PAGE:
My mom called to tell me what happened, Chris emailed me at work to let me know what to expect, but when I walked up the front stairs at the end of my day and saw Hannah with an inch long gash, and a knot the size of an egg on her forehead, I admit that I completely lost it.
Vain, yes. Over-reacting, yes. Valid, to me – yes.
I quickly realized that my first aid kit, while stocked with gripe water and unopened teething remedies, was woofully unprepared for toddler booboos, and thus I went shopping.
The TOP 10 things to include
1. A functional yet cool container.You don’t want to be searching during an emergency so you need to be able to quickly locate your kit and everything in it, preferably with one hand. My first thought was a caboodles, but I quickly realized that a modern makeup train case, would be a great First aid kit – lots of drawers and organization, yet everything is accessable inside a sturdy container.
2. Band-aids.This will probably be the most used item in your kit. I like to keep a variety of sizes and shapes. Keep your child in mind when buying:
- Are they too young to appreciate character band aids (that usually don’t stick as long)?
- Or is a superhero bandaid the only way they’ll leave it alone?
Since the boo boo described above was rather large, yet on her small forehead, we had a hard time finding a band-aid that was on scale with a toddler body.
The best fit was Nexcare brights. The 3M bandages are latex free and come in cute colors. They completely seal around the wound so they’re harder for Hannah to remove herself and the small size was perfect for her forehead. The only negative about this product is that in a box of 25, there were only 5 of the smaller size and 20 of the larger size.
3. Cold Compress.
Coolkidz Reusable Cold Pack contains a gel that remains soft and flexible when frozen. It is also reusable, hypo-allergenic, PVC-free, BPA-free and comes in multiple shapes and colors:
4. Gauze Pads and 1” Paper Tape.Use the gauze to apply pressure and help stop bleeding. If it’s an odd shaped wound and you don’t have a bandage that will completely cover it, use the paper tape to fashion a bandage. These items are also good to use if you’re transporting the child to the doctor’s office and just need to control the wound while you drive.
5. Tweezers.Hannah gets splinters from our wood deck and bark chips at the playground. Keeping a nice pair of tweezers in your kit is smart – just disinfect before and after each use.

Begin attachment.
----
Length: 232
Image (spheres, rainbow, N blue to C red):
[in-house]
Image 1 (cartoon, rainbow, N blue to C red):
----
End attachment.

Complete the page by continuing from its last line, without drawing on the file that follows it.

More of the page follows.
6. Antibiotic Ointment.The old school thought is the clean the wound with hydrogen peroxide or rubbing alcohol. Nowadays both of these are known to harm the delicate tissue of a wound, delay healing and possibly increase the likelihood of a scar. Instead flush the wound with cool water and wash with mild soap. Each family has their go to brand of antibiotic ointment. Apply a thin layer to wounds and cover with a bandage. The new thought is to keep wounds moist with ointment and not to let them air out. This way the wound stays cleaner and is less likely to scar.
7. Saline Solution.I don’t like thinking about eye injuries. Whenever they show surgeries on eyes I go weak in the knees, but with a crazy toddler, anything is possible. It’s best to keep a bottle of saline solution (basic saline contact solution would work well) so that you could quickly flush any debris in the eyes (think sand box wars) or wound (let’s not think about this one).
8. Oral Thermometer.My thermomter is constantly growing legs and walking away. I can never find it when I need it and always stumble upon it when I’m looking for something completely unrelated. Don’t be like me – keep yours in your first aid kit and check the battery life often. A middle of the night fever is no time to be rummaging in the junk drawer…
9. Hydrocortizone ointment.1% ointment is good to have for occasional use to treat itching and inflammation, but use sparingly unless otherwise directed by your pediatrician.
10. Tongue depressors.Not only can they help you look at lesions and in the mouth or throat, but they can also be given to the child so they can ‘help’ you fix the boo boo. Hannah love getting a tongue depressor at doctor visits. Plus - these are flavored! Bonus.
Once you’ve gathered the basics, consider adding these items as well:
- elastic bandage (think ACE bandages, and make sure you have those little closure doohickeys)
- a splint or at the very least a bandana to create a sling.
- antiseptic wipes
- acetaminophen and ibuprofen
- sharp scissors – these could come in handy if you need to quickly removing clothing.
- safety pins
- calamine lotion -
- alcohol wipes or ethyl alcohol
- your list of emergency phone numbers –
- Directions for after hours calls
- Closest hospital
- Children’s allergies include close familial allergies if you haven’t ruled them out with your child
- Parent's cell phone numbers in case the babysitter is the one using the kit.
Keep in Mind:
- The old school thought is the clean the wound with hydrogen peroxide or rubbing alcohol. Nowadays both of these are known to harm the delicate tissue of a wound, delay healing and possibly increase the likelihood of a scar. Instead flush the wound with cool water and wash with mild soap.
Poison Control’s phone number: